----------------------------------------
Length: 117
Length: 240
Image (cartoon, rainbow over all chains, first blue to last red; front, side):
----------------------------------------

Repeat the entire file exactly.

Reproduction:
Length: 117
Length: 240
Image (cartoon, rainbow over all chains, first blue to last red; front, side):